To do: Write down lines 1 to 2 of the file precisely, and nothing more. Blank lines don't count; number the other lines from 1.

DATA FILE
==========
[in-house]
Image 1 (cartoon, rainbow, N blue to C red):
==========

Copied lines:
[in-house]
Image 1 (cartoon, rainbow, N blue to C red):